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Chemistry and Biochemistry News

The chemistry and biochemistry first year students completed a day of service known at SU as Mustangs Make a Difference Day. The service projects conducted by the students were an education and donor drive for Be the Match, an organization that matches bone and stem cell donors with needy patients, and Austism Awareness in conjunction with the Trellis School, a private school that provides therapeutic interventions for children with autism. Both worthwhile causes!  

Lindsay Most (BS Chem 18) participated in our BS (Chemistry)/Master's (Forensic Science) program and is finishing her graduate program this academic year.  Lindsay reports that her undergraduate degree in Chemistry prepared her well for graduate school.  She shared a few highlights of her undergraduate years: 

  • The professors in chemistry and biochemistry are exceptional.  They care about students and are dedicated to their students' success.
  • The lab work in the chemistry curriculum is completely applicable to crime scene lab procedures. 
  • Her undergraduate Capstone at Friends Medical Lab allowed her to get real world experience in toxicology.  Lindsay works at Friends part time while she's a graduate student and will be completing her graduate thesis project there. 

All in all, Lindsay was very satisfied with her undergraduate experience in the Chemistry Department at SU!

Biochemistry alum (BS'18) Angelica Lackey recently attended the 6th Global Symposium on Ketogenic Therapies for Neurological Disorders in Jeju, Korea.  There she learned about the "individualization of ketogenic therapies (leaning toward personalized medicine), the gut-brain-microbiome relationship and influence on diet efficacy/seizure control, use of the diet for status epilepticus (a dangerous condition in which someone seizes continuously without recovering consciousness), and evidence proposing indications for the diet in other neurological disorders (largely solid tumors and autism)."

She was inspired by "the eager and gracious collaboration between diet centers and amongst countries; also the enthusiasm for basic, translation, and clinical research and application of ketogenic therapies for refractory disease types and as adjuvant therapy to enhance efficacy and overall standard of care was invigorating and inspirational (to say the least)"

Angelica adds that she will  continue to pursue this field and believes that her success "thus far largely stems from the education and support I received from SU.  She adds that her success can speak to the potential of SU SOS’s Capstone experience and independent research projects."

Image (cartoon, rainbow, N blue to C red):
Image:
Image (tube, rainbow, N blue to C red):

Chemistry faculty member Tracey Mason lives in the watershed area of the Gunpowder River in Perry Hall. Because of this, she was eligible for a grant from the Gunpowder Valley Conservacy's Clear Creeks Program: a "grant-funded, citizen-based initiative to restore the water quality of the Middle River, Tidal Gunpowder, Bird River, and Lower Gunpowder Falls watersheds in Baltimore County. " Dr. Mason and volunteers (including Stevenson faculty members and students and even some Towson University students!) installed a native plants rain garden, which serves to filter runoff from hers and nearby homes before ending up in the storm drain. The event included a presentation on Bay-Wise practices then the planting of native plants, shrubs and grasses.  It was a great day to learn about Chesapeake Bay conservation! 


Biochemistry alum Jasmin Ramirez began working at GeneDx shortly after graduating in December 2017 with her BS in Biochemistry. GeneDx provides genetic testing, specializing in rare disorders. Their goal is to make their sequencing services available for patients and their families, not just medical professionals. Jasmin is a MicroArray lab technician and is fully trained to complete Multiplex Ligation-Dependent Probe Amplification assays in order to prepare DNA samples for sequencing on one of their multi-channel DNA analyzers. Jasmin is also lucky to work right next door to fellow alum, Sade Lucas. When asked how her Stevenson education helped prepare her, Jasmin stated: "I think my Stevenson education prepared me for the workplace really well. My last semester I took cell bio and it touched back on some techniques to test for DNA mutations such as Microarray which got me interested in the department I’m currently working in. Also having the independent research opportunities, integrative biochem lab, and the capstone internship definitely made a huge difference. It gave me more confidence in the lab independently and to ask help when needed. All of my professors were and still are always helpful in and outside of classrooms with real world advice."

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